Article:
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27 Living Together and Your Rights if You Separate

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1 Introduction

2. How is living together different from being married?

3. Setting up home

4. Making a ´living-together agreement´

5. When you are living together

6. If you or your partner dies

7. State benefits for people living together

8. Tax matters

9. Pensions

10. If you split up

It is probably a good idea to get some specialist advice from a solicitor if you are thinking about splitting up. He or she will tell you where you stand and help you work out your options. You may decide, after a first interview, that you can sort things out yourself, but at least you will do this knowing about your legal position.

You should try to find a solicitor who has experience of dealing with the problems of unmarried couples, as it is a difficult area of the law.

Where can I find a good solicitor?
Solicitors are listed in ‘Yellow Pages’, but you will need one who specialises in family law. Libraries and citizens advice bureaux can be helpful, as well as people you know who have been to see a family law solicitor.

Resolution is an association of solicitors who specialise in family law, including those who specialise in cohabitation matters.

The Law Society has a Family Law Panel. Solicitors on this panel have to pass an exam and prove they have family law experience. The Law Society will give you the names of solicitors on this panel in your area.

See ‘Further help’ for how to contact these and other organisations.

Mediation is an alternative way of helping couples reach their own agreements about children and money. It can be particularly helpful if you are not married or in a registered civil partnership, because the law can be complicated and taking legal action is expensive.

A typical mediation service will offer you and your partner a series of meetings with one or two trained mediators. In these meetings you can talk about children and money and see whether you can reach any agreement. If you can, the mediator will make a note of this agreement and you will both be able to check it out with a solicitor.

You can get legal aid for mediation if you meet certain financial criteria, but otherwise you have to pay. It will probably be cheaper, though, than asking a solicitor to negotiate a settlement or going to court. Mediation often results in a better relationship for you and your former partner, and this can be helpful for the future, particularly if you have children.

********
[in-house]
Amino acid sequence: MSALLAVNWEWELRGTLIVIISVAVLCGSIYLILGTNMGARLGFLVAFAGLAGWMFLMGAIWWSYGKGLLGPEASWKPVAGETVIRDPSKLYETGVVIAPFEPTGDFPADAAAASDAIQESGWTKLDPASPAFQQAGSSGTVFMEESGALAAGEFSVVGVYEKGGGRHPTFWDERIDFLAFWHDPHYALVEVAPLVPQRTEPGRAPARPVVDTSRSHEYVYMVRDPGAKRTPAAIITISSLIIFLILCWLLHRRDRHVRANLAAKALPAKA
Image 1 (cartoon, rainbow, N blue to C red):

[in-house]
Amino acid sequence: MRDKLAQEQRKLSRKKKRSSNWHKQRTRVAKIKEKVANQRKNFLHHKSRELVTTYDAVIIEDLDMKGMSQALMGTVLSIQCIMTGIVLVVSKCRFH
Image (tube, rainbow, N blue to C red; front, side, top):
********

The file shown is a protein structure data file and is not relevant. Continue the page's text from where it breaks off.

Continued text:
For more information about mediation, including how to find mediation services in your area, call the Mediation Helpline (see ‘Further help’) or see the Gurkha Free Legal Advice leaflet ‘Family Mediation’.

Do I need a solicitor as well as a mediator?
Mediators cannot advise you on your legal position, so you will probably need a solicitor to make sure the agreement reached is best for you. Also, if you are involved in court proceedings, it is sensible to make into a court order any agreement you reach about financial matters. Mediation services cannot do this for you, but a solicitor can.

Can I get help with legal costs if I can't afford them?
If you qualify, you can have public funding to cover legal proceedings over money or children’s issues (called ‘Approved Family Help and Legal Representation’).

You may also be able to get public funding for mediation. See the Gurkha Free Legal Advice leaflet ‘A Step-by-Step Guide to Legal Aid: Help with paying for civil cases’ for more information.

11. Arrangements if you have children

12. Sorting out the home

13. Sorting out other items you own

14. Dealing with emergencies

15. Terms used in matters to do with living together

16. Further help

17. About this leaflet

The leaflets in this series give you an outline of your legal rights. They are not a complete guide to the law and are not intended to be a guide to how the law will apply to you or to any specific situation. The leaflets are regularly updated but the law may have changed since this was printed, so information in it may be incorrect or out of date.

If you have a problem, you will need to get more information or personal advice to work out the best way to solve it. See 'Further help' for sources of information and advice.

This leaflet is published by the Gurkha Free Legal Advice (LSC). It was written in association with Imogen Clout, a solicitor and mediator specialising in family law.

Leaflet version: January 2009

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